Simmarpal Singh’s company Olam, based in Singapore and run by people of Indian origin, is one of the major rice traders of the world, says R Viswanathan, India’s ambassador to Argentina, Uruguay and Paraguay.
“The Argentines admire this young Indian’s dynamism and adore his turban, thinking that he is a Maharaja,” he says.
Simmarpal now has an area of 20,000 hectares of peanut farms. He grows soya and corn in 10,000 hectares, and has leased 1,700 hectares of land in Concordia in Entre Rios province for rice cultivation.
Argentines neither follow the Indian practice of ploughing the land nor the method of developing a nursery first and then transplanting the rice plants. The farmers here use the ‘no-till’ method, also called ‘direct seeding’.
The seeds are directly planted in the land with seeding machines.
Fertiliser containing nitrogen, potassium and phosphorous is also added in the same hole where rice is put. Before planting, glyphosate herbicide is sprayed to kill the weeds. Spraying is done from an aircraft.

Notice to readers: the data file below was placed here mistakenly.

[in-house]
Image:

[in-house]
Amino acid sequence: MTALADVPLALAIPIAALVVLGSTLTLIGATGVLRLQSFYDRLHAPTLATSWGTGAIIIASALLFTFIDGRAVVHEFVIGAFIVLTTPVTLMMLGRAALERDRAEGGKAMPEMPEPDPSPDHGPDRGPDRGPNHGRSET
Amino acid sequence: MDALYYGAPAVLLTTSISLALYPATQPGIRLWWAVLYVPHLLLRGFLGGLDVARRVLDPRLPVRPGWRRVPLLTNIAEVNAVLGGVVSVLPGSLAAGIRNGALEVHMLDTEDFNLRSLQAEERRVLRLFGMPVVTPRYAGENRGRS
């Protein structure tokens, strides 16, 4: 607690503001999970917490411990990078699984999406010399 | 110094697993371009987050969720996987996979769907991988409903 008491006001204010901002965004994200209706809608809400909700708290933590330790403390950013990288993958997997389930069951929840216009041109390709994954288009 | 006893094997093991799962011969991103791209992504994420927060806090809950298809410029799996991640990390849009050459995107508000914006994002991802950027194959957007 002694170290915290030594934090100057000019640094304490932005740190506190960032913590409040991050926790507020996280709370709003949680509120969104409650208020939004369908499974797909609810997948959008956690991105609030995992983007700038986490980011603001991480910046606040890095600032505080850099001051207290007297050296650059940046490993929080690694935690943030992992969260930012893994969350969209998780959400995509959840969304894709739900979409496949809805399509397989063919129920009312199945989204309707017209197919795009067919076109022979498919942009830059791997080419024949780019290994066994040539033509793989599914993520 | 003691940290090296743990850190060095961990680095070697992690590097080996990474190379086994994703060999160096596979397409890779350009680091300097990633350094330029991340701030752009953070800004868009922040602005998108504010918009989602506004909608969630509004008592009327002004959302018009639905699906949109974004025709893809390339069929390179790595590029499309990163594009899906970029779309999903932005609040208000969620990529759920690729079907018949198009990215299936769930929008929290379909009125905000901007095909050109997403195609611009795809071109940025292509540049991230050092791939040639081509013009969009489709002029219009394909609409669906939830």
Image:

The rice fields are then watered with a water pump that works almost non-stop for 90 days till the rice seeds ripen. There is a water pump for every 70 hectares and there is a man to take care of the watering for every 140 hectares.
Viswanathan says Simmarpal has impressed everyone with his “Indian-style” hard work and also with the pleasant Latino way in which he manages his Argentine employees.
Sikhs are spread all around the World and have become very successful in various countries with the their hard work and made positive contributions to the economy in those countries. Even in India, Punjab was known as the food basket of India. But somehow rather than being proud of Sikhs and learning the hard work habits from them, there are some wrong elements in India who are very jealous of Sikhs achievements and they always try to treat them as second class citizens. They should learn from Argentine people and Govt. who appreciate and respect Simmarpal Singh for his achievements.